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The PGRFlyCaptureTest sample program is a simple program designed to report information related to all compatible cameras attached to the host system, capture a series of images from a single camera, record the amount of time taken to grab these images, then save the last image in the current directory.
The program first creates two FlyCapture variables, one of which is aFlyCaptureError variable. In order to reliably debug your application, define a variable of this type to capture meaningful errors returned by API functions.
The program begins by calling flycaptureBusEnumerateCamerasEx(). This enumerates, or lists, all PGR cameras sitting on the bus and their bus index, starting at zero. This function does not enumerate non-PGR cameras.
A FlyCaptureContext is created by calling flycaptureCreateContext(). This acts as a handle to the camera, and is required to initialize and start the camera. All camera specific function calls in the FlyCapture library require a valid context in order to succeed. The program then initializes the camera located at bus index zero and associates it with the camera context by calling flycaptureInitialize().
Multiple cameras connected to the FireWire bus are enumerated at bus indices (FireWire nodes) that start at 0. Information related to the initialized camera (model, serial number, DCAM compliance, etc.) can be retrieved at this time by flycaptureGetCameraInfo().
The initialized camera is then started at the default resolution and image and frame rate of the camera. This function also (silently) allocates four buffers in main memory that are used to hold the images that are streamed in from the camera. Once a camera has been started, it immediately begins capturing and streaming images via Direct Memory Access (DMA) to these memory buffers. Once these buffers are full, they are overwritten with consecutive images unless they are locked by the user.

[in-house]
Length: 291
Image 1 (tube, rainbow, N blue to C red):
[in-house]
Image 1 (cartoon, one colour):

The program then creates a FlyCaptureImage variable. The FlyCaptureImage structure contains the image data, as well as video mode, whether the image is stippled (color) and timestamp information.
In the grab loop, when a call to flycaptureGrabImage2() is made, a pointer to the image buffer (&image) with the newest (latest) complete image is returned. The call to flycaptureGrabImage2() does not involve copying, so it is quite fast. The user is never given an image that is older than one that has already been seen. Once the pointer to the buffer is returned to the user, this buffer remains locked until flycaptureGrabImage2() is called again. If no buffer contains an image newer than the last returned, then the flycaptureGrabImage2() call blocks until a new image is available.
After the program exits the grab loop, it converts the last image grabbed to a 32-bit per pixel image that can be displayed by Microsoft Windows (which uses the BGRU format) by calling flycaptureConvertImage(). If the camera is not a color camera, Y8 and Y16 images are converted to BGRU greyscale. flycaptureSaveImage() is then called to save the converted BGRU image as a PPM. The raw image is also saved by calling the same function but passing in FLYCAPTURE_FILEFORMAT_PGM as the argument.
Finally, the program stops the camera using flycaptureStop(). This is followed by flycaptureDestroyContext(), which destroys the camera context. In order to prevent memory leaks from occurring, this function must be called when the user is finished with the FlyCaptureContext.
|*Note||To run PGRFlyCaptureTestCSharp,
must enable the unsafe option. To do so:
To run the executable after compiling, you must change the .NET Security settings as follows:
Start->Settings->Control Panel->Administrative Tools->Microsoft .NET Framework 1.1 Wizards->Adjust .NET Security->Make changes to this computer->My Computer->Full Trust
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